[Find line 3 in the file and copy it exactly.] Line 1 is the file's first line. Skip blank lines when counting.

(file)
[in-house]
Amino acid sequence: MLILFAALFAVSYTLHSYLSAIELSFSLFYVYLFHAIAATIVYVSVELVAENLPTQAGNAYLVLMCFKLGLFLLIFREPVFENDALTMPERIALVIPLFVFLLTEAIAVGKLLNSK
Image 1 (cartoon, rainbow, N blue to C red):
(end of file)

Image 1 (cartoon, rainbow, N blue to C red):